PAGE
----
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Consortium for Large-Scale Manufacturing Begins

The PrecisionPath Consortium is prioritizing technology needs to manufacture large parts in aerospace, defense, energy, and other industries.

Posted: December 28, 2015

How portable metrology can be used to help address critical challenges in producing large products to precision tolerances is being analyzed across industries and disciplines.

The Coordinate Metrology Society (CMS; Weatherford, TX), in collaboration with the University of North Carolina at Charlotte, has announced the completion of the first working meeting of the PrecisionPath Consortium for Large-Scale Manufacturing, a new project funded by an Advanced Manufacturing Technology Consortia (AMTech) Grant from the National Institute of Standards and Technology (NIST; Gaithersburg, MD), an agency of the U.S. Commerce Department.

At the 2015 Coordinate Metrology Society Conference (CMSC) in July, the PrecisionPath Consortium held their inaugural meeting to discuss team building strategies, short- and long-term goals, and project timelines. The group is tasked to identify and prioritize the technology needs of the aerospace, defense, energy, and other industries that manufacture large-scale, high accuracy parts and products.

“The PrecisionPath Consortium is building a solid foundation to identify barriers that hinder progress in the large-scale manufacturing sector,” stated Ron Hicks, the CMS AMTech committee chairman. “This working meeting was the first step in prioritizing the technology needs of the aerospace, defense, energy, and other industries that manufacture large-volume, high accuracy parts and products. The partnership between the Coordinate Metrology Society, UNC Charlotte, and leading industry players is critical to locking down the practical knowledge needed to move manufacturing and metrology forward in a meaningful way. This is a trailblazing project laser-focused on building a roadmap for both short-term and long-term objectives.”

The PrecisionPath Consortium held their Planning and Visioning Council during the Quality Show in late October at the Rosemont Convention Center in Chicago, IL. The first session of the meeting focused on refining the project scope and boundaries. The council discussed the critical challenges in producing large products to precision tolerances, and then transitioned into identifying metrology technology families used by industry. This segment was followed by the team compiling the most important attributes of these systems for measurement and inspection.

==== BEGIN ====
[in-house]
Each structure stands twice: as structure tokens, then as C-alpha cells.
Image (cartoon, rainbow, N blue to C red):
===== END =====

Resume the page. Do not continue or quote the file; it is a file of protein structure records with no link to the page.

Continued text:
The afternoon session progressed with dynamic group interactions and the use of sophisticated meeting facilitation technology to capture the input. The consortium took up usage scenarios and amassed data on how portable metrology is being used to support diverse applications across different disciplines. The group proceeded to pinpoint sources of expertise and data for use in the road mapping process, and firmed up the framing and vision of the PrecisionPath Roadmap project. The organizational structure and operational model were finalized, and the meeting concluded with the election of a board of directors and an overview of marketing objectives.

Representatives from leading manufacturing companies attended the meeting, including Michael Jones, Siemens; Bob Elliott and Chris Barrow, Lockheed Martin; Glen Cork, Spirit AeroSystems; Matthew Ilardo, Brookhaven National Labs, and Mons Lee, The Boeing Company. OEMs and metrology service providers were represented by Ron Hicks, Automated Precision (API); Patrick Welch, New River Kinematics (NRK), Joel Martin and Rina Molari (2016 CMSC Chair) of Hexagon Metrology; Ray Ryan, ECM Global Measurement Solutions; Eric Brandt, Nikon Metrology and Ron Rode, Planet Tool and Engineering.

Consortium organizers are Hicks and UNC Charlotte representatives Ed Morse, John Ziegert, Ram Kumar, and Antonis Stylianou. Other supporting attendees included Tom Lettieri, NIST; Danuta McCall,; and Belinda Jones, HiTech Marketing. The next meeting will be held in February 2016 in the Charlotte area. Interested metrology professionals from the large-scale manufacturing sector who can commit to attending PrecisionPath technical meetings and associated conferences in the next two years are invited to contact Hicks at

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